Confusion about concessive knowledge attributions

Synthese 172 (3):381 - 396 (2010)
Abstract
Concessive knowledge attributions (CKAs) are knowledge attributions of the form ‘S knows p, but it’s possible that q’, where q obviously entails not-p (Rysiew, Nous (Detroit, Mich.) 35:477–514, 2001). The significance of CKAs has been widely discussed recently. It’s agreed by all that CKAs are infelicitous, at least typically. But the agreement ends there. Different writers have invoked them in their defenses of all sorts of philosophical theses; to name just a few: contextualism, invariantism, fallibilism, infallibilism, and that the knowledge rules for assertion and practical reasoning are false. In fact, there is a lot of confusion about CKAs and their significance. I try to clear some of this confusion up, as well as show what their significance is with respect to the debate between fallibilists and infallibilists about knowledge in particular.
Keywords Concessive knowledge attributions  Fallibilism  Contextualism  Invariantism  Epistemic modals
Categories (categorize this paper)
DOI 10.1007/s11229-008-9400-0
Options
 Save to my reading list
Follow the author(s)
My bibliography
Export citation
Find it on Scholar
Edit this record
Mark as duplicate
Revision history
Request removal from index
Download options
Our Archive


Upload a copy of this paper     Check publisher's policy     Papers currently archived: 26,178
Through your library
References found in this work BETA
Knowledge and Lotteries.John Hawthorne - 2003 - Oxford University Press.
Knowledge and its Limits.Timothy Williamson - 2000 - Oxford University Press.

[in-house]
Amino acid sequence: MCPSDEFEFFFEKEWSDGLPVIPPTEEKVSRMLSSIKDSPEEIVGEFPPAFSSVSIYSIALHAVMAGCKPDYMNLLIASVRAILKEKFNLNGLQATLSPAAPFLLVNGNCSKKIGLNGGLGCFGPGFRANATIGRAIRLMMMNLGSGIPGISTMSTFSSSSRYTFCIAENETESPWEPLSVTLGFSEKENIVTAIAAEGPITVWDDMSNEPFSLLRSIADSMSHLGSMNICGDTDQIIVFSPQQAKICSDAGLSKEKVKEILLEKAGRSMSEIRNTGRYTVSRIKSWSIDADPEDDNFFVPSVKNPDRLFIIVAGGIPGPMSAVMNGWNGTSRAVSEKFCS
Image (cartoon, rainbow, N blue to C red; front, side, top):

Knowledge and Practical Interests.Jason Stanley - 2005 - Oxford University Press.
Elusive Knowledge.David Lewis - 1996 - Australasian Journal of Philosophy 74 (4):549 – 567.
Knowledge and Belief.Jaakko Hintikka - 1962 - Ithaca: Cornell University Press.

View all 26 references / Add more references

Citations of this work BETA
Fallibilism and the Flexibility of Epistemic Modals.Charity Anderson - 2014 - Philosophical Studies 167 (3):597-606.
Fallibilism.Baron Reed - 2012 - Philosophy Compass 7 (9):585-596.

View all 10 citations / Add more citations

Similar books and articles
Against Fallibilism.Dylan Dodd - 2011 - Australasian Journal of Philosophy 89 (4):665 - 685.
On the Pragmatic Explanation of Concessive Knowledge Attributions.Hagit Benbaji - 2009 - Southern Journal of Philosophy 47 (3):225-237.
Knowledge and Certainty.Jason Stanley - 2008 - Philosophical Issues 18 (1):35-57.
Applying Pragmatics to Epistemology.Kent Bach - 2008 - Philosophical Issues 18 (1):68-88.
The Challenge of Concessive Knowledge Attributions.Dylan Dodd - 2006 - Facta Philosophica 8 (1-2):221-227.
Fallibilism, Epistemic Possibility, and Concessive Knowledge Attributions.Trent Dougherty & Patrick Rysiew - 2009 - Philosophy and Phenomenological Research 78 (1):123-132.
Concessive Knowledge Attributions and Fallibilism.Clayton Littlejohn - 2011 - Philosophy and Phenomenological Research 83 (3):603-619.

Monthly downloads

Added to index

2009-01-28

Total downloads

108 ( #44,459 of 2,153,473 )

Recent downloads (6 months)

17 ( #25,505 of 2,153,473 )

How can I increase my downloads?

My notes
Sign in to use this feature


Discussion
Order:
There  are no threads in this forum
Nothing in this forum yet.

Other forums